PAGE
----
A “Diversity in Surgery” program at Loyola University Chicago Stritch School of Medicine that requires applicants submit a photo as part of the process is now under federal investigation for alleged discrimination on the basis of race.
The program describes itself as “intended to encourage medical students from racial and ethnic groups that are underrepresented in medicine to consider pursuing a career in academic surgery.”
The nonprofit medical advocacy group Do No Harm flagged the internship in an August 2022 complaint, and the U.S. Education Department’s Office for Civil Rights on Jan. 19 agreed to investigate the program, according to the memo from the civil rights office.
The feds stated they will look into whether the program discriminates based on race by excluding med students who do not identify as black, Latino or Native American. The office pointed out that because Loyola University Chicago Stritch School of Medicine receives federal funds, the school is subject to federal anti-discrimination laws.
Do No Harm argues the program runs afoul of Title VI of the Civil Rights Act of 1964, which prohibits discrimination on the basis of race.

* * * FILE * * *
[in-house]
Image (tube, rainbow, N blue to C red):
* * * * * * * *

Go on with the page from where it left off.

The statute states: “No person in the United States shall, on the ground of race, color, or national origin, be excluded from participation in, be denied the benefits of, or be subjected to discrimination under any program or activity receiving Federal financial assistance.”
The med school’s website states the program provides a $2,500 stipend to help defer the costs of travel, lodging and incidental expenses. It also states as an eligibility requirement that applicants must be “African American/Black, Hispanic/Latinx, American Indian/Alaska Native, Native Hawaiian/Pacific Islander.”
The Daily Caller reported the interns “can be placed in various services including the burn unit, colon and rectal surgery, plastic and reconstructive surgery and trauma surgery where they will assist the surgical team and gain operating room experience.”
Do No Harm describes itself as a “diverse group of physicians, healthcare professionals, medical students, patients, and policymakers united by a moral mission: Protect healthcare from a radical, divisive, and discriminatory ideology.”
The College Fix today also reported on another similar complaint by the group that prompted a federal investigation for alleged race discrimination.
An elective program at the Indiana University School of Medicine is also under federal investigation for discrimination based on race for its “Underrepresented in Medicine Visiting Elective Program” that requires candidates be “Black/African American, Hispanic/Latinx, LGBTQ+” to qualify, according to its website.